Do You Know Your Options When it Comes to Replants, Delayed Planting and Prevented Planting?

Across the country, farmers have experienced weather events this year that have made planting a bit of a gamble. With everything from late snowfalls to repeated soaking rains, it’s been difficult for many of you to get your crop in the ground during your ideal planting window.

These events and delays make it even more important that you understand the basics of replants, delayed planting and prevented planting in the crop insurance coverage you’ve purchased.

While the tips below will provide you with a framework for understanding your options, make sure to consult your crop insurance agent directly for the specifics of your farm and policy.


Know what options are available to you through crop insurance

When you’re looking at a less than ideal planting season, it’s important to understand what’s available to help you recover losses. Here’s a quick rundown:


Replant coverage applies when there is existing damage to the planted crop, and you plan to replant the same crop on the same acreage. This coverage allows for reimbursement of the costs of that replant.

To qualify:

  • File a notice of loss within 72 hours of the cause of loss
  • Contact your agent before replanting, replant after approval from loss adjuster
  • Acreage must be (at minimum) the lesser of 20 acres or 20% of the crop unit acres
  • Acreage must not have been planted prior to the Initial Plant Date

Delayed Planting

Sometimes called “late planting,” this coverage feature applies when you plant an insurable crop after the crop’s Final Planting Date (FPD). In this window, insurance coverage drops 1% per day for acres planted through the duration of the Late Planting Period (LPP).

To qualify:

  • Plant during the LPP (typically 25 days or less after the FPD, but be sure to check with your agent.)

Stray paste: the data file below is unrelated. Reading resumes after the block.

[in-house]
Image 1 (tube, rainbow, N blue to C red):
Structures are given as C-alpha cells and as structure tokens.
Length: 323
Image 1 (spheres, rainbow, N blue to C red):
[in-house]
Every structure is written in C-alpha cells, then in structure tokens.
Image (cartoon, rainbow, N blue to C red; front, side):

Prevented Planting

Prevented planting applies when you are unable to get the seed in the ground with the proper equipment by the FPD, or within the LPP. This is due to an insured cause of loss (usually a weather event/ events) that is general to the surrounding area, and prevents other farmers in your same area from planting acreage with similar characteristics. This coverage allows for a payment of a percentage of expected revenue.

To qualify:

  • File a notice of loss within 72 hours after the FPD, or as late as 72 hours after the LPP
  • Acres must by physically available for planting
  • Acreage must be at a minimum 20 acres or 20% of the insured crop acres by unit
  • Acreage planted in at least 1 of the last 4 most recent crop years
  • File intended acres for each crop by Sales Closing Date for acreage in a new county

Webinar on Replant, Delayed Plant, and Prevent Plant 101: What You Need To Know


If you have to use one of these options above, here are some best practices to ensure that you get the most out of your coverage

1. Communicate with Your Agent

If you are concerned that you may need to take advantage of one of these options, make sure to stay in touch with your agent regarding your plan of action. Taking steps, such as replanting, without letting your agent know could lead to confusion, or potentially, you assuming you have certain coverage that you do not actually have

2. Know Your Dates

To understand how your coverage can work for you, make sure you have these dates in mind.

  • Initial Plant Date (IPD): This is the earliest point that a crop can be planted and retain its replant coverage.
  • Final Plant Date (FPD): This is the final date a crop can be planted and still retain it’s full insurance coverage.
  • Late Planting Period (LPP): This is a period of time beyond the FPD during which a crop can be planted and still retain some percentage of its coverage.

3. Attempt to Plant

Farmers are expected to attempt to plant fields that can be reasonably planted through the Final Planting Date for your crop and county. This is especially important in regards to prevented planting coverage.

4. Keep Detailed Records

To ensure that you are properly covered when you need it, make sure you keep detailed records. Precision records are best, but the most important thing to have are all of the little details, such as date, time, input receipts, FSA 578 certification, maps, etc.

Watch: Webinar on Prevent Plant 201


When times are tough, it’s time to take a hard look at your crop insurance selections.

Be confident in your coverage. Get a free assessment today.


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